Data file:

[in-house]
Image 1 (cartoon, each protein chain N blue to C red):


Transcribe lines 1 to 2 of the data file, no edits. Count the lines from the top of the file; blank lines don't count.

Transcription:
[in-house]
Image 1 (cartoon, each protein chain N blue to C red):